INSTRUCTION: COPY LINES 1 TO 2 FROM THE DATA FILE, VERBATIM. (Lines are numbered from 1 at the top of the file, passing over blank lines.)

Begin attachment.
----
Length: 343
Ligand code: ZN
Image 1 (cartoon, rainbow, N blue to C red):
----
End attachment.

Length: 343
Ligand code: ZN